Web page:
Gigamole had posted on the DePuy ASR hip implant before. Here is an alert issued from the UK Regulators (MHRA - Medicines and Healthcare products Regulatory Agency) just yesterday.
The United Kingdom with Australia are the two regulatory agencies who have tracked this problem, and had been responsible for flagging up the very high rates of surgical revisions for patients who have been implanted with these prostheses. In 2010, the UK reported revision rates of about 12-13%, compared to usual revision rates of about 1-3%. This prompted DePuy to implement a global recall of the implants. In Singapore, the HSA reported that there were only 319 implants done, with only 1 revision. One must seriously doubt this figure because HSA does not regulate such medical devices and do not have any kind of tracking process in place, so the revision rates they report are only what surgeons and DePuy want to tell them about. One revision in 319 is an amazingly unbelievable success rate by any standards, so clearly the surgeons are not telling anyone about their surgical failures and the need for surgical revisions.
The HSA has generally left it to the company DePuy and the surgeons to muddle through by themselves, thereby leaving the patients entirely at the mercy of those responsible for this mess.
In any case, the MHRA has deemed it important enough to issue another alert, this one just coming off the press yesterday. You can look through the alert yourself, and if you don't understand the technical aspects, you can just email me and I will try and explain to you.
All patients who have had hip replacements done should get their surgeons to give them the details of surgery and the type of implant that was used.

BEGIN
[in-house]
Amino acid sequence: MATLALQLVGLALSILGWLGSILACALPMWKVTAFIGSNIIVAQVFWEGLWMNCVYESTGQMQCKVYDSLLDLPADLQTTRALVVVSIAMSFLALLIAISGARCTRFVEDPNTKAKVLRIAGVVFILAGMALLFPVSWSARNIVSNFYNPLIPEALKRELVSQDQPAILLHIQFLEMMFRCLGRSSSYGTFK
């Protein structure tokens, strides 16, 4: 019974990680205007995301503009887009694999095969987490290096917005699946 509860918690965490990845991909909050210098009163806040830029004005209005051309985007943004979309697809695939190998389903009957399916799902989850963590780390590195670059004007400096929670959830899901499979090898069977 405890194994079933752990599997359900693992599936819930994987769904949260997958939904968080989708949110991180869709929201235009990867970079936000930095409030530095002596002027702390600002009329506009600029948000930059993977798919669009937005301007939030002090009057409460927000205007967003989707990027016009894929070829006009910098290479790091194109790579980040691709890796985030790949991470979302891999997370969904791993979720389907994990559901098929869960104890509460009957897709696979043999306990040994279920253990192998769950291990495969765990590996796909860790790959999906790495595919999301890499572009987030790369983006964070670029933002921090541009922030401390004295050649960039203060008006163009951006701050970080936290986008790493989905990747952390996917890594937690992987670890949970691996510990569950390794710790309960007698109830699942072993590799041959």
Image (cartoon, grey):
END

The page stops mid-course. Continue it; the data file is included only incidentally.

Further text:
To summarize, the MHRA recommends that all patients having these Depuy ASR implants, whether symptomatic or not, to undergo an MRI or ultrasound scan. If the images are abnormal, surgical revision should be considered.
All patients should have their blood analysed for chromium and cobalt levels. If the levels are high and rising, surgical revision should be considered. Patient follow-up should be for as long as the implant is in the body.
Obviously these costs should not be borne by the patient.
It is very unlikely that surgeons are either able or willing to recall all their patients who have had such implants done, so many patients will not be aware of the need for follow up or for implants to be removed. And HSA isn't really doing very much about this. So please feel free to circulate this information to friends or family members who have had hip replacements done. At the very least, they should get the relevant details from their orthopaedic surgeons.
7 years ago